Our board is based on nRF52832 with S132 5.1.0, without RTOS. Now we have a requirement to protect sensitive memory areas with MPU, so I'm trying to run firmware in unprivileged mode (CONTROL=0x01), and I got Bus Fault in sd_app_evt_wait() handler. Should I use __WFE() instead, is it safe with SoftDevice enabled?
What do you mean by "I got a Bus Fault in sd_app_evt_wait()"?
If you use the softdevice, you can use sd_app_evt_wait(). This function calls __WFE() for you, but it doesn't wake up the application layer on softdevice events, so it is better to use sd_app_evt_wait() if you are using the SoftDevice.
To be precise, I added just one line in my app after BLE initialization:
__set_CONTROL(1); // Switch to non-privileged state
With __WFE() everything works fine (at least, I can connect and work with device). With sd_app_evt_wait(), my program is catched in BusFault_Handler once sd_app_evt_wait() is called. Diving deeper into bytecode, I found that SD internally leaves Handler mode in some tricky way, then calls __WFE() from Thread mode. The problem is that SD works with some NVIC or SCB registers that are protected from access in Thread mode.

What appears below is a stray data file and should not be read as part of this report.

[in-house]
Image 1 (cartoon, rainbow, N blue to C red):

Do I need some special configuration of M4 core registers? I just can't figure out where I'm wrong.
What happens if you use any other sd_xxx() SoftDevice API? Do they all fail the same way, or is it just the one particular API?
All of the SoftDevice APIs are actually system calls: they execute an svc instruction which triggers a supervisor call trap. I would think that once you enter the SVC trap handler, you would be back in privileged mode again.
Once thing I'm uncertain about here is the stack. There is both an MSP and PSP. When you use unprivileged/thread mode, I think the expectation would be to use the PSP, and then when you take an exception you'd be using the MSP. In your case, I think you're trying to use thread mode but with the MSP. I don't think that's usually how it works.
any other SD calls have no problems because as you said they're pure syscalls. But sd_app_evt_wait has two parts: syscall entry and thread mode continuation (surely, because we couldn't sleep in WFE inside a handler). Return instruction restores unpriviledged context.
About the stack - I didn't cnange SPSEL bit so both modes use MSP, since we have no RTOS this don't cause any stack overhead.
This is a bit outside my expertise, and you probably know more about this than me.
I found an old thread on DevZone discussing this here:
Maybe you can find some relevant information there. The Nordic Engineer who answered on that thread is currently out of office, but he will be back in the middle of next week. You can write your follow up questions here, and I will answer the best I can until he is back, and then I can ask him if we still haven't figured it out.